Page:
(Reporting by Manojna Maddipatla and Ankur Banerjee in Bengaluru; Editing by Caroline Humer and Bill Berkrot)

© 2021 Reuters

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'Absolutely gut-wrenching:' Waterloo Region child under the age of 10 dies after contracting COVID-19 – CP24 Toronto's Breaking News

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A Waterloo Region child under the age of 10 has died after contracting COVID-19.

Dr. Hsiu-Li Wang, who serves as the medical officer of health for Waterloo Region, shared the news during a briefing on Friday.

She said that the child had underlying health conditions but did not provide any further information, other than to say that there were no “school-related or childcare-related exposures.”

“This is a heartbreaking loss and I wish to express my deepest sympathy and condolences to the family and loved ones,” she said.

Since the beginning of the pandemic there have only been five deaths reported in individuals under the age of 19 and Wang said that she was “not aware” of any other fatalities involving younger individuals in Ontario.

In a message posted to Twitter, Premier Doug Ford called the loss of someone so young “absolutely gut-wrenching.”

“My prayers are with the family at this excruciatingly difficult time,” he said. “This virus knows no bounds. It’s why we need every eligible Ontarian to get vaccinated — to protect ourselves, our loved ones, and those who can’t yet get vaccinated against COVID-19.”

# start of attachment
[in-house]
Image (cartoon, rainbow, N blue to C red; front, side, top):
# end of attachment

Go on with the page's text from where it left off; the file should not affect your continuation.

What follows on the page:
With files from CTV News Kitchener

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88 new COVID-19 cases in Manitoba Friday; more than half not vaccinated – CTV News Winnipeg

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WINNIPEG –

Manitoba has recorded 88 new COVID-19 cases in Manitoba, along with one more death added to the total.

According to the provincial COVID-19 dashboard, which was updated on Friday, of the new cases 53 were not vaccinated, 12 were partially vaccinated and 23 were fully vaccinated.

The new cases bring Manitoba’s total to 59,612, including 629 active cases and 57,779 recoveries. The five-day test positivity rate in the province is 2.6 per cent.

The number of deaths of people with COVID-19 increased by one on Friday, for a total of 1,204. The province did not release any details about this death.

As of Friday, the province said there are 72 people in hospital with COVID-19 including 37 people with active cases. Of those 37 people, 27 are not vaccinated, eight are partially vaccinated and two are fully vaccinated.

Of the seven people in ICU as of Friday with active COVID-19 cases, the province said six are unvaccinated and one is partially vaccinated.